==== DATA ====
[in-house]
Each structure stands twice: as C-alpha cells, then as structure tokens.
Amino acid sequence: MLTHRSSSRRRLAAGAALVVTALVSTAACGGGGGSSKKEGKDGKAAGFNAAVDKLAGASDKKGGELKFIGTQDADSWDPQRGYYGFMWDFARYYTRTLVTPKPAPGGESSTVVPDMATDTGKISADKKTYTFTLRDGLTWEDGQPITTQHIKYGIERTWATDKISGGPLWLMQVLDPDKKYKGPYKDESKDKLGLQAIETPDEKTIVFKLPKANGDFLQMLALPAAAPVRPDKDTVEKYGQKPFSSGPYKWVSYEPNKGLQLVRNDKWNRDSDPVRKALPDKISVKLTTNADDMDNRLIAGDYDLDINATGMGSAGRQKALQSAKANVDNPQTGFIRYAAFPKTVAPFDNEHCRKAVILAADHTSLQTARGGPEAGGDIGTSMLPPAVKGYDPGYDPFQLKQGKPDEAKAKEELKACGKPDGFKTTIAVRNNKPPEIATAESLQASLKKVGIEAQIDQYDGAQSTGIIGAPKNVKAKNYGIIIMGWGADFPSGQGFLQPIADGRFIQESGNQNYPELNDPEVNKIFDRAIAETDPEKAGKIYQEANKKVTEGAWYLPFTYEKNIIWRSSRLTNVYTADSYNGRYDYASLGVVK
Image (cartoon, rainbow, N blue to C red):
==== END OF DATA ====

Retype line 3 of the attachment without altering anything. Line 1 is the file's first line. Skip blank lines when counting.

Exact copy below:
Amino acid sequence: MLTHRSSSRRRLAAGAALVVTALVSTAACGGGGGSSKKEGKDGKAAGFNAAVDKLAGASDKKGGELKFIGTQDADSWDPQRGYYGFMWDFARYYTRTLVTPKPAPGGESSTVVPDMATDTGKISADKKTYTFTLRDGLTWEDGQPITTQHIKYGIERTWATDKISGGPLWLMQVLDPDKKYKGPYKDESKDKLGLQAIETPDEKTIVFKLPKANGDFLQMLALPAAAPVRPDKDTVEKYGQKPFSSGPYKWVSYEPNKGLQLVRNDKWNRDSDPVRKALPDKISVKLTTNADDMDNRLIAGDYDLDINATGMGSAGRQKALQSAKANVDNPQTGFIRYAAFPKTVAPFDNEHCRKAVILAADHTSLQTARGGPEAGGDIGTSMLPPAVKGYDPGYDPFQLKQGKPDEAKAKEELKACGKPDGFKTTIAVRNNKPPEIATAESLQASLKKVGIEAQIDQYDGAQSTGIIGAPKNVKAKNYGIIIMGWGADFPSGQGFLQPIADGRFIQESGNQNYPELNDPEVNKIFDRAIAETDPEKAGKIYQEANKKVTEGAWYLPFTYEKNIIWRSSRLTNVYTADSYNGRYDYASLGVVK